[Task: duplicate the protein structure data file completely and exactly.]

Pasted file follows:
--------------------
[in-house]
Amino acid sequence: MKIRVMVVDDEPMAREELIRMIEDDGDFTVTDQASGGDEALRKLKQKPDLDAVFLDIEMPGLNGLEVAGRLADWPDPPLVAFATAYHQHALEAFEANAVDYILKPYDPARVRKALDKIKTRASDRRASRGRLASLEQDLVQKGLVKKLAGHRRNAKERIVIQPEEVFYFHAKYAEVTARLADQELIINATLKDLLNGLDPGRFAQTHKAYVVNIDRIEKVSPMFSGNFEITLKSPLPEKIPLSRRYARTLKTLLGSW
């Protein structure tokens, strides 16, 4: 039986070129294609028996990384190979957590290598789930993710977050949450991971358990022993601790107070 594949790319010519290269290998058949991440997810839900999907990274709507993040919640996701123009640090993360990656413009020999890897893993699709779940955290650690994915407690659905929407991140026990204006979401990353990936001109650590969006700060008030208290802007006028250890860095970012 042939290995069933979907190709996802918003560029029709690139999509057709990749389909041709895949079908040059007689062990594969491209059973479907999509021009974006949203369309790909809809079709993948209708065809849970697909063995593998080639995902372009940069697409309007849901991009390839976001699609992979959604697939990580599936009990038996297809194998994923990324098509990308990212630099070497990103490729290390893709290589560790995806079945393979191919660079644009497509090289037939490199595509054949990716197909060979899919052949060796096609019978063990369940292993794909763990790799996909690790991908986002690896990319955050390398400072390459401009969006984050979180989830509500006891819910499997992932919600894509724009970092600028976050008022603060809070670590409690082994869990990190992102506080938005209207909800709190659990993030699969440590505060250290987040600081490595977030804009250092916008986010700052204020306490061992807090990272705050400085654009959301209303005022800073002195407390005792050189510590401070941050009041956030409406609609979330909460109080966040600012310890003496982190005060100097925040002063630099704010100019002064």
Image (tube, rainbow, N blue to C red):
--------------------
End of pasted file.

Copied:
[in-house]
Amino acid sequence: MKIRVMVVDDEPMAREELIRMIEDDGDFTVTDQASGGDEALRKLKQKPDLDAVFLDIEMPGLNGLEVAGRLADWPDPPLVAFATAYHQHALEAFEANAVDYILKPYDPARVRKALDKIKTRASDRRASRGRLASLEQDLVQKGLVKKLAGHRRNAKERIVIQPEEVFYFHAKYAEVTARLADQELIINATLKDLLNGLDPGRFAQTHKAYVVNIDRIEKVSPMFSGNFEITLKSPLPEKIPLSRRYARTLKTLLGSW
């Protein structure tokens, strides 16, 4: 039986070129294609028996990384190979957590290598789930993710977050949450991971358990022993601790107070 594949790319010519290269290998058949991440997810839900999907990274709507993040919640996701123009640090993360990656413009020999890897893993699709779940955290650690994915407690659905929407991140026990204006979401990353990936001109650590969006700060008030208290802007006028250890860095970012 042939290995069933979907190709996802918003560029029709690139999509057709990749389909041709895949079908040059007689062990594969491209059973479907999509021009974006949203369309790909809809079709993948209708065809849970697909063995593998080639995902372009940069697409309007849901991009390839976001699609992979959604697939990580599936009990038996297809194998994923990324098509990308990212630099070497990103490729290390893709290589560790995806079945393979191919660079644009497509090289037939490199595509054949990716197909060979899919052949060796096609019978063990369940292993794909763990790799996909690790991908986002690896990319955050390398400072390459401009969006984050979180989830509500006891819910499997992932919600894509724009970092600028976050008022603060809070670590409690082994869990990190992102506080938005209207909800709190659990993030699969440590505060250290987040600081490595977030804009250092916008986010700052204020306490061992807090990272705050400085654009959301209303005022800073002195407390005792050189510590401070941050009041956030409406609609979330909460109080966040600012310890003496982190005060100097925040002063630099704010100019002064």
Image (tube, rainbow, N blue to C red):